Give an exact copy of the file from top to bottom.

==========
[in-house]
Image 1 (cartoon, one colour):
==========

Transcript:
[in-house]
Image 1 (cartoon, one colour):